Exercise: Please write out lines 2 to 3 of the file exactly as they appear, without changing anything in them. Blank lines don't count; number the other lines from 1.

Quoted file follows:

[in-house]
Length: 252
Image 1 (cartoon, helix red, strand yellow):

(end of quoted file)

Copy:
Length: 252
Image 1 (cartoon, helix red, strand yellow):